In my first installment of this updated series, I wrote a bit about FamilySearch.org and Ancestry.com. Actually, their business names are "FamilySearch, International, a Utah corporation" and "Ancestry.com LLC." Many business entities have what is called a "tradename" that is somewhat different than the name they use for their corporations or other business organizations. The type of business organization adopted by a company is very important to the owners and shareholders, but from the standpoint of the customers, it is largely irrelevant. Likewise, although of interest to the customers or users or whatever, the ownership of a large company is also largely irrelevant to its operation. The main point for genealogy companies is to understand who you are dealing with when you use their products and online services.
It is also relatively common for a small segment of the genealogical community to view the operation of the larger genealogy companies in light of supposed conspiracies. Nothing in this regard could be further from the actual circumstances. Each of the companies has unique data collections and offers substantially different services. Of course, they all are involved in the overall topic of genealogical data and in some ways could be considered to be competitors, but they are only competitors in the sense that there is only so much money running around out there that people are willing to allocate to the genealogical marketplace. In fact, that marketplace is growing. These companies compete in the same way that different libraries in the same community compete. They do not compete is the same way as do similar food stores or department stores or other commercial businesses. The genealogy companies are not selling a product, per se, they are primarily selling a service.
When I was practicing law in Arizona at a medium-sized law firm, we had other firms in the area, many smaller and a few quite a bit larger. Since I was providing a service, I never thought of my work as competing with someone else. Mind you, there was plenty of competition, especially in court, but our product, the services we provided, were personal and somewhat unique. We certainly advertised, just like everyone else, but I would guess that almost all my "customers" or clients came from word-of-mouth referrals rather than any advertisements we did or from my personal contacts.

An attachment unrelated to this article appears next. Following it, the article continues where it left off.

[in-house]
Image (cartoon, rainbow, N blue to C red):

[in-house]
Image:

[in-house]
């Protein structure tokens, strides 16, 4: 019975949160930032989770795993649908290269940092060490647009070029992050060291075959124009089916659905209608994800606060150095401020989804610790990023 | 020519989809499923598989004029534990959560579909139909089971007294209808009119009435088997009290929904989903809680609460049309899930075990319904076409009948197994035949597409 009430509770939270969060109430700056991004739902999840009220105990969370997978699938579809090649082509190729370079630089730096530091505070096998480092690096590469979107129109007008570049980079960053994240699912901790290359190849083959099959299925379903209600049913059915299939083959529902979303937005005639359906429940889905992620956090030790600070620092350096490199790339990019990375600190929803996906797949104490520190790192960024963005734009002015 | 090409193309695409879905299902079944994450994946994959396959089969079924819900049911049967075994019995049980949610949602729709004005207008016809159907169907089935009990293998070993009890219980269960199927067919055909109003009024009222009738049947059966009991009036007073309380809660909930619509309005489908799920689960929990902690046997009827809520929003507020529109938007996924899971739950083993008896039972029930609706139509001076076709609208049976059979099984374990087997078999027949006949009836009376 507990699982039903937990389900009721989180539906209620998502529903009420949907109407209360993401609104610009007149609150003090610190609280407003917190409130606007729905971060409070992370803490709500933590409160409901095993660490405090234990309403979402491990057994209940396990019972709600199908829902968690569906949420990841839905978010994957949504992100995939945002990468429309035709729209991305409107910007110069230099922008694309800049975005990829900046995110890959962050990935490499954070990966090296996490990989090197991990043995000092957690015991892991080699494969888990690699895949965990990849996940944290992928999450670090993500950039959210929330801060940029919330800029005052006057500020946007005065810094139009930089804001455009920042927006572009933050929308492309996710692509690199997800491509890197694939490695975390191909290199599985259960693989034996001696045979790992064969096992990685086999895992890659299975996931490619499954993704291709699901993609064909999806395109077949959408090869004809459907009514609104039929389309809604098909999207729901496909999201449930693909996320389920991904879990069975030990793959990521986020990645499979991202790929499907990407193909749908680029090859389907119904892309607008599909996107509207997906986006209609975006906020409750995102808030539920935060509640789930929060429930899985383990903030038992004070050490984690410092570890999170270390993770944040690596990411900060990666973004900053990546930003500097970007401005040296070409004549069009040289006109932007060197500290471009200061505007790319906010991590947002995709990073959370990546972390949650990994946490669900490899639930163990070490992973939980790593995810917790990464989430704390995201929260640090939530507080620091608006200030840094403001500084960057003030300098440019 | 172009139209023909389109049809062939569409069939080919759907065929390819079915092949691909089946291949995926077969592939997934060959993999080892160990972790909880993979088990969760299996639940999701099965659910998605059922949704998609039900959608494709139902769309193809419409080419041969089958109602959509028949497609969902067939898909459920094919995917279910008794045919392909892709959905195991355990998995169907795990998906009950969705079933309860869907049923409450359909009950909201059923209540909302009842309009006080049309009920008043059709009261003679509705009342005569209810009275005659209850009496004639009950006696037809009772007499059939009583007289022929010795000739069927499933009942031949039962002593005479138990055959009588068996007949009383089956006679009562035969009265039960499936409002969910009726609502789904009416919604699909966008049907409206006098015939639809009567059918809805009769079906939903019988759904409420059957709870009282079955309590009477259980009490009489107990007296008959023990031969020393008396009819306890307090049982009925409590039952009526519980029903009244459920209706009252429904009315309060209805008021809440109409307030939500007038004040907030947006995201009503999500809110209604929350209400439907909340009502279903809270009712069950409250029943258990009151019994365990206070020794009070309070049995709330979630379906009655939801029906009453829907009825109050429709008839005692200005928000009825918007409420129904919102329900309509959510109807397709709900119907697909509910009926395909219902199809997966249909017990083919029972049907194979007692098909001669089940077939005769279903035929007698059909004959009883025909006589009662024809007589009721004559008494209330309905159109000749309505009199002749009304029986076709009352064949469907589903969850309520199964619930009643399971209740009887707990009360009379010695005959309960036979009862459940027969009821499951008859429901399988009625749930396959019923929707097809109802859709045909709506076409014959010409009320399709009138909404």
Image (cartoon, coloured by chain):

Let me ask a question. Have you ever seen an advertisement for FamilySearch on TV or elsewhere? I fully realize that Ancestry.com has almost saturation advertising, but what about MyHeritage.com or findmypast.com? When was the last time you saw an ad, other than an email from the company directly to you, from any of the other companies? Back to the library analogy. I get emails and promotional material from my local library (which I mostly ignore) but I do not put those "ads" in the same category as I do with other commercial advertisements I get in print, on billboards etc.
Even though the online, commercial, subscription, genealogical services are "big business," they are really in a different category from the day-to-day retail business of the world selling everything from electronics to socks and shoes.